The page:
South Asia

United Nations

Afghanistan and Pakistan lie at the center of U.S. interests and strategy within South Asia. The two countries are often referred to jointly as “AfPak,” emphasizing the extent to which events and policy on one side of the Durand Line influence events on the other. In particular, Pakistan’s porous northwestern border has become a haven for extremist insurgent groups such as the Taliban and the Haqqani Network, to whom Kabul has accused the Pakistani security forces of providing support--even as the United States relies on Islamabad’s help in battling those same insurgencies. Meanwhile to the southeast, tensions between Pakistan and India remain consistently high over the disputed Kashmir region, among other issues.

Latest in South Asia

Water Wars

Water Wars: Under the Sea

China and the Philippines plan to conduct talks and potentially sign an agreement regarding joint exploration for hydrocarbons, oil and natural gas in South China Sea. This agreement could cover portions of the South China Sea such as the Reed Bank that were under dispute in the 2016 South China Sea Arbitration.

MLAT

A “Qualified SPOC” Approach for India and Mutual Legal Assistance

There has been growing legal, policy, and academic attention to the topic of Mutual Legal Assistance (MLA), the mechanisms for evidence held in one country to be provided to a different country for law enforcement purposes. This post summarizes recent developments and proposes a new mechanism for MLA that could be used for the important country of India, and also more generally.

Afghanistan/Pakistan

The Law Under Attack in Pakistan

Earlier this week, a suicide bomber outside a crowded hospital in Quetta, Pakistan killed at least 74 people, most of them judges or lawyers, and wounded dozens more. Yesterday, another blast in Quetta wounded an additional 13 people. The provincial interior minister told Reuters that the bombing targeted police escorting a judge, who was not killed in the attack.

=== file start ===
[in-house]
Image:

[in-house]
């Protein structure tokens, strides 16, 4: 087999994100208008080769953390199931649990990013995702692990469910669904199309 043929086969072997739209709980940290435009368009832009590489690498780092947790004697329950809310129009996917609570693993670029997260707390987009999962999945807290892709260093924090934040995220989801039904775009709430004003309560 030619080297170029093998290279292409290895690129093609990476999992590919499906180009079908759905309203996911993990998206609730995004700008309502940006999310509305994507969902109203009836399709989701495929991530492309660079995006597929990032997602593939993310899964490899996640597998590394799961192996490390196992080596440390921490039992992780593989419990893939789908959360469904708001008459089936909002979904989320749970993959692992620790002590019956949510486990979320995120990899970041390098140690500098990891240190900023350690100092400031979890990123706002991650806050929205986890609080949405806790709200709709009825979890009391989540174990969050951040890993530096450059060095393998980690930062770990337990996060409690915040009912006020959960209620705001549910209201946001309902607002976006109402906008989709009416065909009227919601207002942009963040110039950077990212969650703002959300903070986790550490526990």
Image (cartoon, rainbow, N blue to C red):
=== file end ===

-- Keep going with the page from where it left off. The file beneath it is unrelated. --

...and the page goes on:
Encryption

India Debates Going Dark

The on-going debate on encryption and exceptional access for law enforcement agencies to encrypted communication—which recent attacks in Paris and California have only intensified—is also being closely studied in India. How India regulates encryption will be crucial for two reasons. First, India is among the fastest growing digital economies in the world, and its encryption policy could offer a template for other developing countries. What’s more, technology continues to flow from the West to the East but information is now firmly moving in the other direction.

Jihadology

Jihadology Podcast: Islamist Militancy in Bangladesh: Then & Now

C. Christine Fair comes on the show to talk about Islamism in Bangladesh. Some of the topics covered include:

History of Islamism in Bangladesh and its intersection with mainstream politics The role of Bangladeshi Islamists with Rohingya refugees History of al-Qaeda’s involvement in Bangladesh and its newest enterprise through Ansar al-Islam What we know about recent Islamic State attacks in Bangladesh

Links:

Jihadology

Statement from the Taliban: “Full Text Delivered By the Head of the Political Office at the Oslo Conference (Forum)”

Click here for the original post.

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نحمده ونصلي علی رسوله الکریم اما بعد

اعوذ بالله من الشیطان الرجیم

بسم الله الرحمن الرحیم

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